In old Persia, there were no indoor bathrooms; instead, people went to public bathhouses to wash themselves. From early morning to mid-morning was merchants’ turn to bade and be ready for business, then was the turn of women and children who used the bathhouse from late morning to late afternoon, next came the farmers who went to wash themselves and be ready for the supper.
One early morning, Truth and Lie independent from each other decided to wash themselves. First came the Truth; he undressed and hung his clothes on a nail and went inside to wash himself. Then came Lie and saw Truth’s clothes hanging from the nail, he saw an opportunity, went inside and quickly washed himself and walked out dressed in Truth’s clothes. The legend is that, from that day on, Lie dressed in Truth’s clothes goes everywhere but Truth who refuses to dress in Lie’s clothes is naked and ashamed to go anywhere.
Joseph Goebbels, Hitler’s Minister of Propaganda famously said: “If you tell a lie, tell a big one.” For audacious lies are more likely to be believed; no one would believe that anyone is brazen enough to tell such a big lie. The article written by Graeme Wood and published on March 9, 2020 issue of The Atlantic Monthly is a case in point.
In this article, the author based on a number of Iranian officials infected with Coronavirus and bizarre estimations put the number of infected Iranians somewhere between 600,000 to 6.4 million; he eventually settled on 2 million infected. This article was published on March 9, 2020, less than three weeks after the first Covid-19 case was discovered in Iran. By the author’s calculation, therefore, there must have been between 30,000 to 100,000 infection a day. This is far beyond the rate of infection anywhere else. Notice that, as of this writing, the official numbers stand at 78,000 infected with a little more than 5,000 death.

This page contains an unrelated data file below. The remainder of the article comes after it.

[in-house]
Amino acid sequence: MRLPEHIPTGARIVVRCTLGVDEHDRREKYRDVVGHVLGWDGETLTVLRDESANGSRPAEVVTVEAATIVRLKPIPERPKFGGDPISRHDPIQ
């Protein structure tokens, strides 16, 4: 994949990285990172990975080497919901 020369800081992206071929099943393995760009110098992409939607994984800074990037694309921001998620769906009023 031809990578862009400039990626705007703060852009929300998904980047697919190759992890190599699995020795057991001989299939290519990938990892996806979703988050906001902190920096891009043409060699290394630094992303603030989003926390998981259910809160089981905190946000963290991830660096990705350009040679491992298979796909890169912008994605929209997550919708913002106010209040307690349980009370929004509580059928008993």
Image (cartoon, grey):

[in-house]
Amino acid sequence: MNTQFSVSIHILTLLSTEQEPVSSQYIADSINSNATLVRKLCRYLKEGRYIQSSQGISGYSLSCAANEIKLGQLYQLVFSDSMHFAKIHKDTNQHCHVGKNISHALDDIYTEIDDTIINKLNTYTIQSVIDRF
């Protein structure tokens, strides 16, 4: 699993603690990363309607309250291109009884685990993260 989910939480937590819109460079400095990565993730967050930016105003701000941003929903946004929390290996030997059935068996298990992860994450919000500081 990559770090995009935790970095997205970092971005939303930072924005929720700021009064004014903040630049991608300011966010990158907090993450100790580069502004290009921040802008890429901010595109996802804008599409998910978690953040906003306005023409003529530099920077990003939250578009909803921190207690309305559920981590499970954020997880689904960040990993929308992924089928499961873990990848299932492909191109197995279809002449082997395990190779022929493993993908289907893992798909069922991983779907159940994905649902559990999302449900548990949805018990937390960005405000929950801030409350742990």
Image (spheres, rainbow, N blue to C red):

A Lie this big, from a publication that prides itself as a prestigious analytical magazine, is unexpected, to say the least. True or not, the article is nothing less than propaganda aimed at destabilizing Iran. To understand his bizarre calculation, one does not need to go any farther than the magazine’s own editorial orientation, a believer in American exceptionalism and advocate of regime change in Iran. An example of magazine’s editorial orientation is seen on May 6, 2018, in a published article by Reuel Marc Gerecht titled:
“The Nuclear Deal Keeps America From Confronting Iranian Aggression: Once Trump is out Washington can get serious about the regime’s misbehavior.”
Notice the clear promotion of American Exceptionalism in the language and use of cliché: “Iranian aggression.” The term ‘Iranian aggression’ here is a contradiction; if anything, it is the United States that has carried more aggressive acts against Iran than the-other-way-around. Later in the article, the author, in direct reference to American Exceptionalism writes:
“Contrary to what Barack Obama often suggested, the West is special, and it’s the anchor for a moral order that keeps much of the world from descending into a Hobbesian state of nature.”
Later in the article, once again, the author emphasizes the moral superiority of the West:
“Americans and Europeans as the ultimate good, more important than, say, corralling and defeating the Soviet Union; stopping a savage, aggressive, weapons-of-mass-destruction hungry tyrant in the Middle East; or thwarting the Iranian regime’s quest for the bomb.”
The ethnocentric language and use of words like “savage,” “aggressive,” and “weapons-of-mass-destruction hungry tyrant” clearly defy any pretense of objectivity, or for that matter, journalistic impartiality. At this point in his writing, the author is no longer a journalist, but rather an ideologue who is propagating a specific ideology. So much for a 163 years old publication that sits on the right of the political spectrum and considered to be a solid example of American Journalism.
At this point in his writing, the author is no longer a journalist, but rather an ideologue who is propagating a specific ideology.